[Marxism] Quantum Experiment
johnedmundson4 at gmail.com
Sat Nov 16 13:47:13 MST 2019
It;s ironic that the outcome of this would be to objectively prove the
subjectivity of science :-)
On Sun, Nov 17, 2019 at 4:53 AM Louis Proyect via Marxism <
marxism at lists.csbs.utah.edu> wrote:
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> On 11/16/19 10:19 AM, Marla Vijaya kumar via Marxism wrote:
> > Louis, The subject is extremely interesting and I am working
> on the philosophical aspect of it.
> > But unfortunately, it requires subscription.
> > Can you post the text?
> > Vijaya Kumar M
> Vijaya, this was from Alternet, which does not have paywalls. In any case:
> Quantum physics: our study suggests objective reality doesn’t exist
> November 14, 2019 7.40am EST
> Alessandro Fedrizzi
> Professor of Quantum Physics, Heriot-Watt University
> Massimiliano Proietti
> PhD Candidate of Quantum Physics, Heriot-Watt University
> Alternative facts are spreading like a virus across society. Now it
> seems they have even infected science – at least the quantum realm. This
> may seem counter intuitive. The scientific method is after all founded
> on the reliable notions of observation, measurement and repeatability. A
> fact, as established by a measurement, should be objective, such that
> all observers can agree with it.
> But in a paper recently published in Science Advances, we show that, in
> the micro-world of atoms and particles that is governed by the strange
> rules of quantum mechanics, two different observers are entitled to
> their own facts. In other words, according to our best theory of the
> building blocks of nature itself, facts can actually be subjective.
> Observers are powerful players in the quantum world. According to the
> theory, particles can be in several places or states at once – this is
> called a superposition. But oddly, this is only the case when they
> aren’t observed. The second you observe a quantum system, it picks a
> specific location or state – breaking the superposition. The fact that
> nature behaves this way has been proven multiple times in the lab – for
> example, in the famous double slit experiment (see video below).
> In 1961, physicist Eugene Wigner proposed a provocative thought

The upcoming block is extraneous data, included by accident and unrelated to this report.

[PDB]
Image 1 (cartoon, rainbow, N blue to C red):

> experiment. He questioned what would happen when applying quantum
> mechanics to an observer that is themselves being observed. Imagine that
> a friend of Wigner tosses a quantum coin – which is in a superposition
> of both heads and tails – inside a closed laboratory. Every time the
> friend tosses the coin, they observe a definite outcome. We can say that
> Wigner’s friend establishes a fact: the result of the coin toss is
> definitely head or tail.
> Wigner doesn’t have access to this fact from the outside, and according
> to quantum mechanics, must describe the friend and the coin to be in a
> superposition of all possible outcomes of the experiment. That’s because
> they are “entangled” – spookily connected so that if you manipulate one
> you also manipulate the other. Wigner can now in principle verify this
> superposition using a so-called “interference experiment” – a type of
> quantum measurement that allows you to unravel the superposition of an
> entire system, confirming that two objects are entangled.
> When Wigner and the friend compare notes later on, the friend will
> insist they saw definite outcomes for each coin toss. Wigner, however,
> will disagree whenever he observed friend and coin in a superposition.
> This presents a conundrum. The reality perceived by the friend cannot be
> reconciled with the reality on the outside. Wigner originally didn’t
> consider this much of a paradox, he argued it would be absurd to
> describe a conscious observer as a quantum object. However, he later
> departed from this view, and according to formal textbooks on quantum